Exclusive: CSU Teacher Suffers Injuries From Intruder Attack, Says Worker's Compensation Claim Rejected

Bernie Tafoya
June 20, 2019 - 9:17 am
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CHICAGO (WBBM NEWSRADIO) -- A teacher at Chicago State University said he was attacked in his classroom and that his Worker’s Compensation claim was rejected for injuries he suffered.

Lecturer Dr. Richard Arredondo, 62, said nothing like this had ever happened before in his 26 years at Chicago State University.

On April 25 at about 11:20 a.m., an intruder walked into Arredondo’s accounting class in the Business Health and Science building and began staring at his five female students.

“All of a sudden, I turned around and I heard my class give a kind of gasp and there was an intruder behind me,” he said.

Dr. Arredondo said he put himself between the five young women and the intruder and was whipped around by his arm by the man. He said he pushed the man, who appeared to be in his 40's, onto a folding table which tumbled and the man fell, got up and ran off.

Arredondo said he suffered back, neck and emotional injuries and that his Worker’s Compensation claim was turned down. The claim’s examiner said his injuries did not appear to have happened during his work at Chicago State University.

The denial letter read, “Your claim for benefits does not appear to have arisen out of and in the course of your employment with State of Illinois. We are denying your claim for medical and/or indemnity benefits.”

Arredondo said he was “completely shocked” by the denial. With violent attacks happening in schools around the country, he said, “one thing that I’ve been telling everybody is that I believe that college professors are first responders. If we had been included as a first responder, it would be covered under Workman’s Comp.”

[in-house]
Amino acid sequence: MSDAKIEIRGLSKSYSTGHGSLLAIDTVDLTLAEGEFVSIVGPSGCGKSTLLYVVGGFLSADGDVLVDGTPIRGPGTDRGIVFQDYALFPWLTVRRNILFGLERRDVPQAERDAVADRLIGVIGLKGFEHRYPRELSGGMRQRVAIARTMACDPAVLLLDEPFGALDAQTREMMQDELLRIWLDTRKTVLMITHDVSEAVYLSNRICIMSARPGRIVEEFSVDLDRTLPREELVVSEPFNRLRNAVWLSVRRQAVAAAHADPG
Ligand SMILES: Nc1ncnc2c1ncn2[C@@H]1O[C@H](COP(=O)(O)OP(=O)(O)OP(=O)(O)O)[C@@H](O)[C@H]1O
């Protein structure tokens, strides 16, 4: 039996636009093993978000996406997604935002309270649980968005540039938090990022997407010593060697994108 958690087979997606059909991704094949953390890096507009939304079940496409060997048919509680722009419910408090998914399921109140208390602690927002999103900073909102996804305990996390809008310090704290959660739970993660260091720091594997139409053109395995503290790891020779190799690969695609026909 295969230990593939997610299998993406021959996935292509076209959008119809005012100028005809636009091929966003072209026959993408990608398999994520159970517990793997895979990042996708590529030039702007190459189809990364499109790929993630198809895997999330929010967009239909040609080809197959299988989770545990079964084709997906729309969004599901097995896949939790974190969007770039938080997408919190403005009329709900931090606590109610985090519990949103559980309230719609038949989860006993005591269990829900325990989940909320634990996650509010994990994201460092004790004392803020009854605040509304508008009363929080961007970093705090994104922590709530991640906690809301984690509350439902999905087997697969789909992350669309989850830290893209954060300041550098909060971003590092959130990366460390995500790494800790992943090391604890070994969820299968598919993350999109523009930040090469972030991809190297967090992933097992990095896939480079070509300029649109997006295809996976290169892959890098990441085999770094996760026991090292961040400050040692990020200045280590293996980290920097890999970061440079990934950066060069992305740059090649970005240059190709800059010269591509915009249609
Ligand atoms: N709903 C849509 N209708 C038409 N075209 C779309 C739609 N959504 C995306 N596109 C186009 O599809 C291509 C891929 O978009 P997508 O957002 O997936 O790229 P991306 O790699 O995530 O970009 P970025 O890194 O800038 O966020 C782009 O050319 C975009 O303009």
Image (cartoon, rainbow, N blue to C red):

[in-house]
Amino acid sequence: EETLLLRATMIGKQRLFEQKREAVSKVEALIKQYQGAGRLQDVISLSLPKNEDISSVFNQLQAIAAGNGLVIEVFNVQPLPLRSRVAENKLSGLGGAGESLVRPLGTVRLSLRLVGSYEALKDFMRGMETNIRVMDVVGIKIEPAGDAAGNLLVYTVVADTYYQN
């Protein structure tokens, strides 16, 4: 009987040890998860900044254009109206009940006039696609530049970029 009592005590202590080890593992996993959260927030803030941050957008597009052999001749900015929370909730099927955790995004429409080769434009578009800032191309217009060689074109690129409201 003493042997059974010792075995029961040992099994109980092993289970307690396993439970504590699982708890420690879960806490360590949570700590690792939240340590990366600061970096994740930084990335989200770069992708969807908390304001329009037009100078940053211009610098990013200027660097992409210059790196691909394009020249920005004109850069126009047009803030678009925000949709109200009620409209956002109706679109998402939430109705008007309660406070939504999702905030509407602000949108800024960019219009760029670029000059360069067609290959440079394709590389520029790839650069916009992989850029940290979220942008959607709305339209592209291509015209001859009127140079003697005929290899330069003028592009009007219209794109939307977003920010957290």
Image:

On his Worker’s Compensation claim, his students described the man as “interrupting” the class. One said the man was “stumbling” into the room and had a “strong liquor odor.”

Lecturer Dr. Richard Arredondo
WBBM Newsradio/Bernie Tafoya

The college teacher also criticizes the response time of Chicago State University police. He said it took at least 40 minutes for officers to arrive once he called to report he had been attacked by an intruder in his class.

He said a situation like that could have easily cost someone his or her life.

Chicago State University spokeswoman Sabrina Land could not comment on the slow response time by campus police. She called the incident “isolated” and “unfortunate.”

“We are…..the second safest university in Illinois among 12 public universities," Land said.

In a follow-up email, Land said there are not panic buttons in classrooms at Chicago State, “but there is a plan to add a new security system in the classrooms (similar to the panic button) this fiscal year.” 

Land adds there already are “panic buttons” in student-oriented offices throughout campus.

WBBM Newsradio has attempted to get a response from Tri-Star, the company that handles Worker’s Compensation claims for the State of Illinois.

Dr. Arredondo has hired lawyer Howard Ankin to challenge the Worker’s Compensation claim rejection. Ankin said he’ll seek to have Arredondo’s medical bills paid for and that he continue being paid while recovering from his injuries.

Arredondo said he does want to return to work. He said he loves teaching and his students.

He said he told his students not to worry, that, "on my watch, I wasn't going to let anything happen to them."

Disclaimer: WBBM Newsradio's Bernie Tafoya went to elementary school with Dr. Richard Arredondo, but has not had any contact with Arredondo since then-- more than 45 years.